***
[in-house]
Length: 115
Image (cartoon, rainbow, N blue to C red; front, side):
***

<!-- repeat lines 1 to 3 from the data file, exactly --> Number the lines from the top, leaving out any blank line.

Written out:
[in-house]
Length: 115
Image (cartoon, rainbow, N blue to C red; front, side):